Photo by Melody

African Hosta (Little White Soldiers)

By Marie Harrison (can2growJune 4, 2013

How many people have planted plants in their gardens and promptly lost the identification tag? Such was the case of a little plant that quickly became a favorite. Although I have grown it several years, only recently have I been able to identify it. Initially, I identified it as Drimiopsis, but that turned out to be a synonym. Further research revealed its genus to be Ledebouria.

Gardening picture
The Genus and Family
Ledebouria as a genus of bulbous plants from South Africa. Typically leaves are variously textured and may be patterned with spots or stripes of purplish colors, or they may be plain. Plants characteristically form a rosette of leaves, and flowers varying in color from lilac, pink, purple, green, or yellowish green are produced on unbranched racemes (clusters). Usually a green stripe runs down the length of each flower petal. 

APG III Taxonomic System places the genus in the Asparagaceae family while other systems place it in Hyacinthaceae or Liliaceae. APG III Taxonomic System lists eight species on the GRIN website, but the Pacific Bulb Society recognizes sixty plus species in sub-Saharan Africa plus one or two additional species in both India and Madagascar. 

ImageThe Species
The Ledebouria in my garden is L. petiolata (syn. Drimiopsis maculata), commonly called little white soldiers or African hosta. Fleshy oblong/ovate leaves with wavy margins held on slender petioles have dark purple spots when the leaves first emerge, but these spots disappear in summer leaving a solid green leaf. Plants are capable of growing up to one foot tall, but mine have never reached that stature and top out at 6 to 8 inches tall. Flowers arise in spring and are held a few inches above the foliage. A tight cluster of white flower buds opens and turns pale green. Bulbs are fleshy with large visible scales reminiscent of lily bulbs.

When I first obtained this plant, I purchased it because I thought it was pretty. Although it was a new plant to me, I planted it in a shady spot at the foot of some pilings I had sunk into the ground some years back. There it has stayed for about 10 years, gradually increasing in size, but not as fast as I’d like it to. I have never divided it; in spring I give it a sprinkling of slow-release fertilizer and it receives a very limited amount of water from a nearby mister. Once in a while I may water it with the hose, especially if I’m already in the backyard giving other plants a drink. Never have I turned the hose on for the specific purpose of watering the Ledebouria

Neither insects nor diseases have bothered this plant. Slugs and snails ignore it, and nothing to my knowledge has ever nibbled on it. My garden does not have deer or rabbits, so I cannot testify as to its resistance to these animals.

Tolerant of both heat and drought, African hosta prefers light shade and well-draining but slightly moist soil. However, it is tolerant of a wide range of light exposures ranging from part sun to dark shade. It is hardy in Zones 8-10, or perhaps even to 7B. Since the foliage is deciduous and dies down in winter, the bulb is protected beneath the soil. A layer of organic mulch will help protect the bulb in areas of marginal hardiness. Propagation is by division, and clumps can be divided every few years or whenever they become crowded.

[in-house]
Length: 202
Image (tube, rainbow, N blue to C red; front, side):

In the Garden
Situated in an out-of-the way place in my garden, I would never see the African hosta if I didn’t purposely
look  for it. Visitors never see it, so it is my secret. That, of course, means I need to move it to a more prominent place so everyone can enjoy this attractive plant. 
Gardeners who encounter African hosta in garden centers are encouraged to add it to their landscapes if they have a suitable place. Those out of range of its hardiness areas might wish to grow it in a container and move it to a protected place in winter. Whichever way you choose to grow African hosta, it is sure to be a pleaser. 

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 Eight species are listed by the GRIN website:

Ledebouria botryoides, L. cooperi, L. floribunda, L. humifusa, L. kirkii, L. petiolata, L. revoluta, and L. socialis.


  About Marie Harrison  
Marie HarrisonServing as a Master Flower Show Judge, a Floral Design Instructor, instructor of horticulture for National Garden Clubs, and a University of Florida Master Gardener immerses me in gardening/teaching activities. In addition to these activities, I contribute regularly to Florida Gardening magazine and other publications. I am author of four gardening books, all published by Pineapple Press, Sarasota, Florida. Read about them and visit me at

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